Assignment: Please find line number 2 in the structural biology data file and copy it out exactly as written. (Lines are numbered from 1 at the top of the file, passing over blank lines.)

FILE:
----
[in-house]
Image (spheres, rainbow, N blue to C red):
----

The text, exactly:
Image (spheres, rainbow, N blue to C red):